Let me start off by saying that working with one of the best guitarists in the world is totally incredible. All of us have been influenced by King Diamond or Death in some way, and the first time I spoke to Andy on the phone... I was stunned! He's an awesome guy, who's really down to earth... Not to mention, a terrific engineer. When we sent him the songs on the EP, the album sound was incredibly raw. When he sent us the files after working on them, the songs sounded much more powerful and complete. I remember Jay (drums) in particular telling me that he never knew mastering makes this big a difference, since there are very few good mastering engineers in India that we're aware of at least. He told us that he liked the music and was even quite pleased with the mixing work of engineer Rajarshi Bhattacharyya (the former guitarist of the band) and has congratulated us quite often for making it to 'BEST METAL EP OF 2010' lists, which I keep mailing to him.
Do you want to work with him again? Would you like to expand the work with him?
Definitely. The amount of difference he makes to the music is immense. Also he's forgotten to send me an autograph that I'd asked him to, I hope he doesn't forget this time (haha). If we have the budget in place it would be really incredible to have him play a guest solo on the album, but only time will tell, if we can manage to get that kind of money. Of course, recording at Sonic Train Studios in the future is a dream in itself, right next to headlining Rock in Rio. Major labels, are you listening?
Musically you seem to be influenced by King Diamond, but that's not the only influence, so which artists / bands influence(d) you?
King Diamond is a big influence for me and guitarist Shrikant, but the other members have a world of influences such as Mercyful Fate, Wolf, Judas Priest, Iced Earth, Nevermore, Iron Maiden, Judas Priest, Ozzy, Necrophagist, Black Sabbath, Hammerfall, Helloween, Metallica, Dream Theater, Textures, Lamb of God, RAM, Hour Of 13, Pyramaze, Blind Guardian, Nevermore and many many more bands.
You like horror stories / movies? What are your faves?
I'm personally a voracious fan of horror fiction and dark fantasy - I love books by Stephen King(It, The Stand, The Girl Who Loved Tom Gordon, Salem's Lot, Different Seasons are my favorites), Dean Koontz (False Memory and The Bad Place come to mind), China Mieville, Thomas Harris, Peter Straub, and of course legends like Poe and Lovecraft. I watch the occasional horror movie, and I guess the Omen, The Ring, The Exorcist and the Hannibal series are really my favorites. Biprorshee is the horror movie connoisseur.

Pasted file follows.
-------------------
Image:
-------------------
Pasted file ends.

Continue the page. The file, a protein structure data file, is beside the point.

(Biprorshee says he loves films like The Ring, Rosemary's Baby, The Amityville Horror, The Exorcism Of Emily Rose, to name a few. He adds The Shining is overrated.)
Would you like to do a video for the EP? Or one day a special show which you could record?
It would be really cool to do a video for the EP, and that is one of the ideas we've been planning for a while now. But nothing on the cards at the moment. A live DVD is even more ambitious, but thanks for putting the idea in our heads. We'll thank you in the credits, if it does happen, Claudia. ;)
Coming from India it seems to be more complicated to get attention outside your home country. How important is the internet for you?
The internet is everything! Our artist was based in New Zealand, and he sent us the art over the internet. Andy LaRocque mailed us the songs after the mastering process via the internet. Every time we ran out of inspiration during the recording process me and Rajarshi used to log on to YouTube and listen to Iced Earth or Arch Enemy. Snowy Shaw gave us a lot of advice and also helped out with our album art online. Facebook, online metal forums, online metal magazines and MySpace are the biggest boons to metal musicians today.